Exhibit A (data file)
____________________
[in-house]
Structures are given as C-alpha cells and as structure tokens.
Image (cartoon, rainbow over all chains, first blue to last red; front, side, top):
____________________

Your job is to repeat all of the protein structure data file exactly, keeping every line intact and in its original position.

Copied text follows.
[in-house]
Structures are given as C-alpha cells and as structure tokens.
Image (cartoon, rainbow over all chains, first blue to last red; front, side, top):